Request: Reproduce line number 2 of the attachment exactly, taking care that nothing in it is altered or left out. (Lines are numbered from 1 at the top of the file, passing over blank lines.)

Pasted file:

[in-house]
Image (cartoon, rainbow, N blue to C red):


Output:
Image (cartoon, rainbow, N blue to C red):